The wild tiger population has lost more than 93 percent of its habitat in just the past 20 years. Today, the species is classified as endangered with fewer than 3,200 left in the wild. Bhutan represents one of the few nations where native tiger populations are currently thriving due to strict protections on habitats and wildlife corridors, but with cross-border migration, poaching dangers, and retaliatory killings still a major issue worldwide, the fight isn’t over yet.
More than 50 percent of Bhutan’s total landscape is declared as a protected area. This, combined with a constitutional mandate of maintaining at least 60 percent forest cover in perpetuity, offers one of the best hopes for maintaining a viable tiger population in the wild. Bhutan is a unique tiger habitat, as the species’ known trek routes extend across the whole country, from lowland subtropical jungles all the way up to frozen subalpine forests. It’s no wonder then, that the highest altitude recorded for tigers in the world is in Bhutan at 4,400 masl in Wangchuck Centennial Park. Given this incredible altitude, Bhutan is also the only place in the world where snow leopards and tigers can be found in the same landscape.
Recognizing the importance of protecting this key species and of understanding its biology, the Bhutan Foundation has been working for decades with the Bhutan Tiger Center under the Department of Forests and Park Services of the Royal Government of Bhutan. The long-term partnership initiative with the Bhutan Tiger Center focuses on building a sound scientific knowledge base to guide the tiger conservation program in Bhutan through regular monitoring of tiger movement ecology and tiger population in the wild, their habitat uses, and their prey, with the hope that this will provide essential information in both protecting human settlements as well as planning a successful conservation program to save the tigers in the forests of Bhutan.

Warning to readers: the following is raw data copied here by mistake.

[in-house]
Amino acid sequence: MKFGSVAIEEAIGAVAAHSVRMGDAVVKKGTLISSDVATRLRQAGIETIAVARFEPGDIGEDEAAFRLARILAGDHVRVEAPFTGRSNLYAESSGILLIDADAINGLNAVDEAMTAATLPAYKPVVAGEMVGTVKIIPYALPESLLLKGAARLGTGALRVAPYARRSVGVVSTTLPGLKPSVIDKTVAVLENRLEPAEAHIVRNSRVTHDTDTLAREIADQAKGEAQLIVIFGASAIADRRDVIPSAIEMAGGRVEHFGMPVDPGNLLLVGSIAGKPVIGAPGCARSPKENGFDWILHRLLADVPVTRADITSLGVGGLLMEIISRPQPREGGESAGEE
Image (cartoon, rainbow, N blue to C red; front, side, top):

The Bhutan Foundation has supported wildlife biologists at the Ugyen Wangchuck Institute for Conservation and Environmental Research (UWICER) and the Bhutan Tiger Center in carrying out tiger surveys in Royal Manas and Jigme Singye Wangchuck National Parks, which contributed to Bhutan’s first-ever national tiger population survey initiated in 2014 to 2015 by the Department of Forests and Park Services. The results from these surveys have now been used by the Department in designing effective and science-based conservation policies and management tools.
Fewer than 3,900 tigers exist in the wild today
Tigers are found in 13 countries in Asia
Tigers have lost 93% of their natural habitat to human encroachment
This project is mainly implemented by the Ugyen Wangchuck Institute for Conservation and Environmental Research (UWICER) in partnership with the University of Montana, North Carolina State University, US Fish and Wildlife Services, National Geographic Society/Waitt Institute, and Karuna Foundation. Other partners in Bhutan’s tiger conservation efforts include the Wildlife Conservation Division, Department of Forests and Park Services, and World Wildlife Fund.
As we embark on the exciting next phase of this project, biologists at UWICER are getting ready to start the tiger movement study in November 2015. Most of the necessary equipment and training have to be procured or sourced abroad. Further, logistics in Bhutan’s mountainous terrain drive up field costs. Nevertheless, results from this program will be critical in providing a sound basis for tiger conservation science. Any finding will also be Bhutan’s contribution to conservation science and will be useful in tiger conservation globally.